Re: OFFSHORING ARTICLE/Non-Writers As Writers

Subject: Re: OFFSHORING ARTICLE/Non-Writers As Writers
From: topsidefarm -at- mva -dot- net
To: "TECHWR-L" <techwr-l -at- lists -dot- raycomm -dot- com>
Date: Tue, 11 Nov 2003 05:46:16 -0700

> Second, despite the wear and tear on my idealism after seven years of teaching
> and some hard knocks in the business world, I can't help reasoning this way:
> almost everyone, if they apply themselves, can learn to write a university
> essay. I know, because I saw any number of bad or inexperienced writers learn
> within a semester how to write a university essay, and some of them even went
> on to grad school. Surely, then, most people can learn to write well enough to
> get an article published or write a technical manual - especially when there
> are so many potential markets. At the same time, I've seen a number of people
> with a gift for words who haven't been able to become any sort of professional
> writer. I suspect that the difference between a professional writer and an
> amateur often isn't a matter of talent, but of discipline and persistence:
> discipline to learn the art of writing extremely well, and persistence to get
> published in the face of the endless flood of rejections that most writers have
> to go through at the start of their careers. Naturally, talent has something to
> do with how influential your words are, and how long they're remembered, but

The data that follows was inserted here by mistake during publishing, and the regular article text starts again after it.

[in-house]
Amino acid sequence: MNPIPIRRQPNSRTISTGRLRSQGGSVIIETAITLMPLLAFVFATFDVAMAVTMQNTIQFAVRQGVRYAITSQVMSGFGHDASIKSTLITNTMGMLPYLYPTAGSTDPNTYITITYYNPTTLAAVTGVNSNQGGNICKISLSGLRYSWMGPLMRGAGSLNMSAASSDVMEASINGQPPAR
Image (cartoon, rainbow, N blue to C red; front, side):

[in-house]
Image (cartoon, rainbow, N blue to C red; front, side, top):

> it's not the only, nor even the most important thing you need to become a
> writer.
> Bruce Byfield bbyfield -at- axionet -dot- com 604-421.7177

As President Calvin Coolidge said:
"Press on: nothing in the world can take the place of perseverance. Talent
will not; nothing is more common than unsuccessful men with talent. Genius
will not; unrewarded genius is almost a proverb. Education will not; the
world is full of educated derelicts. Persistence and determination alone
are omnipotent."

Bruce, this has always been what seperated the winners in life from the
losers. Looking at you and the other successful people on this list, Cal's
quote becomes rather obvious.

I know in my own case, persistence is the only thing that has gotten me
through life. As a special ed student in the '60s, it was determined that
I would NEVER learn to read above the third or fourth grade level. The
experts told my parents to "get use to that fact". My parents refused to
accept it, and so did I. They worked damn hard to teach, and I worked just
as hard to learn. I wish those old witches from the school district were
still alive to see my successes.

Now as I writer, I am marginally talented at best. I know this and have to
face it. However, that fact hasn't gotten in the way of my becoming a
successful tech writer. I had to work very hard at it. And since it
doesn't come as naturally to me as to some other people, I still have to
work hard every day. Despite the difficulty, I still enjoy writing, so
I'll keep working in the field as long as I can.

To sum it up in a quick phrase: If I can learn to be a successful writer,
anybody can learn to be a successful writer!

Jason A. Czekalski



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